Newly confirmed Supreme Court Justice Brett Kavanaugh sided with the Court's liberal wing in declining to hear cases regarding two states' efforts to defund Planned Parenthood.
Both Louisiana and Kansas have been trying to block Medicaid funding from going to the group. Their most recent efforts came after the 2015 release of a series of videos that anti-abortion activists say show Planned Parenthood officials discussing the sale of fetal tissue for profit. Several lower courts have ruled in favor of Planned Parenthood, but the states filed a writ of certiorari with the Supreme Court.
In order for the Court to grant this petition, four justices would have needed to agree to a hearing. Only three did: Justices Clarence Thomas, Samuel Alito, and Neil Gorsuch. The rest denied the petition, with Kavanaugh and Chief Justice John Roberts joining liberal Justices Ruth Bader Ginsburg, Elena Kagan, Sonia Sotomayor, and Stephen Breyer.
As USA Today notes, the Court's decision is a "setback" for conservatives hoping to defund Planned Parenthood, which is the largest abortion provider in the nation. Still, as National Review's Alexandra DeSanctis notes, the Court's decision had little to do with abortion funding itself:
The Supreme Court didn't side with Planned Parenthood, nor did it preserve the abortion provider's funding. It declined to hear the case at all, and the decision not to grant cert took no position on the merits of the case. Claiming that the decision in some way affirmed abortion funding is patently false.
Thomas claims that his colleagues were wary of inserting themselves into such a contentious issue. He wrote in his dissent:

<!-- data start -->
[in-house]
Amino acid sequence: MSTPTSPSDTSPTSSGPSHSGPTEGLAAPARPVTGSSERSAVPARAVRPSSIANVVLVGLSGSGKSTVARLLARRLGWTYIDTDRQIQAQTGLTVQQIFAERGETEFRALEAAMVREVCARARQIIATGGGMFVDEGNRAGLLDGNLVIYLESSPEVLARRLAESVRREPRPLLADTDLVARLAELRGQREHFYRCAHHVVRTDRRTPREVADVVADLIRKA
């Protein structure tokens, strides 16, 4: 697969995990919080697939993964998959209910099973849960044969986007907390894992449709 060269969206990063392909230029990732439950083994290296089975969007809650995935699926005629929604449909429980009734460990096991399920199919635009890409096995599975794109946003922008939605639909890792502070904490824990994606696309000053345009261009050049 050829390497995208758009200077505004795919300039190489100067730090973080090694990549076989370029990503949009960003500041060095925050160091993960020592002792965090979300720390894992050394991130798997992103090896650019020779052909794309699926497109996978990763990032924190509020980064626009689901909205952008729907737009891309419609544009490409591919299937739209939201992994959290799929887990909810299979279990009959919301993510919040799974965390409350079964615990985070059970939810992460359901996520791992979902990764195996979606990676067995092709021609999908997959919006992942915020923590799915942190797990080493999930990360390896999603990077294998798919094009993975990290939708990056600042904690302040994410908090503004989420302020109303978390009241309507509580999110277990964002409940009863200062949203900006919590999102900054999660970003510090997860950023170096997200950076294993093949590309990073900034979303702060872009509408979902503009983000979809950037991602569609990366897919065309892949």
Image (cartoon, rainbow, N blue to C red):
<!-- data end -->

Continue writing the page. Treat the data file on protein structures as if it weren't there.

So what explains the Court's refusal to do its job here? I suspect it has something to do with the fact that some respondents in these cases are named "Planned Parenthood." That makes the Court's decision particularly troubling, as the question presented has nothing to do with abortion….But these cases are not about abortion rights. They are about private rights of action under the Medicaid Act. Resolving the question presented here would not even affect Planned Parenthood's ability to challenge the States' decisions; it concerns only the rights of individual Medicaid patients to bring their own suits.
Anti-abortion activists heavily favored Kavanaugh's confirmation. "If Kavanaugh was going to deal a major blow to health care rights during his first session on the court, this would have been the case to do it," Tim Jost, an emeritus professor at Washington and Lee University School of Law, tells Politico.
Of course, Supreme Court justices don't always vote the way people expected them to. Former Justices Sandra Day O'Connor and Anthony Kennedy, for instance, were both chosen by the conservative President Ronald Reagan. But both voted with their liberal colleagues on some key issues. And David Souter was nominated by George H.W. Bush, but he ended up taking mainly liberal stances.